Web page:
A supersonic passenger-carrying commercial airplane. Flown between 1969 and 2003.
At the height of the Cold War, the East and West drew battle lines across land, resources, and technology. The supersonic passenger aircraft was a technological marvel whose race to production status echoed the state of warfare between the two superpowers. So, which was better: the European Concorde or the Russian Tu-144?
Key.Aero reveals the two ‘other’ models of the iconic supersonic airliner that never left the drawing board
Key.Aero gained privileged access to Duxford’s Concorde and captured the world-famous nose droop from inside the cockpit
This is how the legendary Bill Gunston described his 3.5-hr flight from London to Tehran in Concorde G-BBDG back in 1976
British Airways and Air France were the main users of Concorde, but there were two other airlines who wanted a piece of the supersonic pie but didn’t want to commit to buying the jets themselves, as Key.Aero reports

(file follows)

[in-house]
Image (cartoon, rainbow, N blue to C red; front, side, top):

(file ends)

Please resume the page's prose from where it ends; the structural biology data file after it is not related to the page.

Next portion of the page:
The story of Concorde is one of engineering excellence and international cooperation at its best. Key.Aero has collated 43 advertisements which tell this tale from the perspective of the suppliers and partners of this unique supersonic airliner
After six years of losses on the aircraft, Jock Lowe - the former director of operations at British Airways - explains to Key.Aero how he turned around the supersonic airliner’s financial fortunes